June of 2017, the third straight year that Professor Porras brought her class to San Marcos came at a crisis point for the for Konojel Lions (the Kaq’chikel Maya from San Marcos La Laguna identify the lion as their representative animal); Konojel had to vacate the land on which their restaurant was located, and build a completely new facility in a different part of the tourist zone. Thanks to Guillermo and Luisa Hernandez, of the Hotel Posada Schumann, Konojel was able to procure a small but perfectly located piece of land to rent at an NGO discount, but the race was on to construct a two-story restaurant in the five months before the end of rainy season and the return of the tourists to whom Konojel primarily sells their food. Even two weeks of missed sales would be devastating to the Konojel operating budget.
Into this crisis stepped the 2017 Hawks, wasting no time before literally rolling up their sleeves and spending a week on their knees in a dusty parking lot to help indigenous construction workers prepare the wood and erect the massive beams that now form the bones of the new Konojel fundraising restaurant. Students were on-site at the perfect time for Konojel, as the influx of over a dozen workers to supplement local masons and carpenters put the project ahead of schedule and under-budget. Conversely, it was so early in the construction that the volunteers had little photo-ops; unlike all-too-common examples of “voluntourism” in which activities can prioritize the experience of the volunteer over the actual impact on the community, the New Paltz students struggled through a week of labor and didn’t get to see the finished product, as construction continued for several months afterwards. But the week they spent alongside the Konojel construction team, erecting 10-foot tall wood beams with a rope and their muscles; the hours they spent sanding, varnishing and painting the walls, floors and windows that wouldn’t be installed for weeks after their departure…those efforts were the reason that the Konojel restaurant opened on-time just ahead of tourist season in November of 2017.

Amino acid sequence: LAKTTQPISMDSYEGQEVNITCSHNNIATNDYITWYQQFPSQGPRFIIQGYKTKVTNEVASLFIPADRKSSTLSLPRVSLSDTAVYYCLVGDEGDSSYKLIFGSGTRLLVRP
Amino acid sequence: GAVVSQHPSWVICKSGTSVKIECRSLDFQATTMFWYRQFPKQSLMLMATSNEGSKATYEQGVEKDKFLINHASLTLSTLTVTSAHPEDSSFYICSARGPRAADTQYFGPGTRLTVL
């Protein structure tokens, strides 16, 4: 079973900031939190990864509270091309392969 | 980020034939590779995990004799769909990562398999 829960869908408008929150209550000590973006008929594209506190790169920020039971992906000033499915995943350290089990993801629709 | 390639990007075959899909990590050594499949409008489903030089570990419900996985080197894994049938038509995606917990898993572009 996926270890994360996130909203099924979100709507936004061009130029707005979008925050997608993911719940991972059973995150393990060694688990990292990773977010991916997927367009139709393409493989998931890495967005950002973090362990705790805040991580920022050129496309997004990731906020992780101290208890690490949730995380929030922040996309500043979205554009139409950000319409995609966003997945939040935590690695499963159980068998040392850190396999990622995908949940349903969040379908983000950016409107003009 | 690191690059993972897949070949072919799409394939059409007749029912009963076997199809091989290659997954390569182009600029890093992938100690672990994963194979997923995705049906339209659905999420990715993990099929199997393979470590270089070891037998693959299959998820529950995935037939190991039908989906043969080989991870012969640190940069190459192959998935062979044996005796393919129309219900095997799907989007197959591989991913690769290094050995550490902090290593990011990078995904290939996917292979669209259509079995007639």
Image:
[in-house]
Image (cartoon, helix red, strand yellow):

2018 and Beyond
In just a few weeks Professor Porras will be back at Konojel with her fourth group of undergrads, ready to put them to work. For the Konojel team, especially Maria Mejia (Director of Programs and Operations) and Laura Sancoy (Site Coordinator and fan favorite), this is their favorite time of year. “Luz is an incredible woman, and we are so grateful for her friendship and the support of her university and the students who come here to help us. They make our jobs easier, and improve the impact of our efforts to help vulnerable people from our community,” says Mejia, with translation from New Paltz grad Raphael.
“It’s an amazing story, this collaboration between my university and the incredible team that I’m privileged to represent” says Raphael on a rainy afternoon a few weeks before the Hawks land in lion country. “We are all so grateful and excited to have the support of SUNY New Paltz..they have made a real difference for us and we consider them a crucial part of our team.”
If Raphael gets his way, this fourth group will not be the last.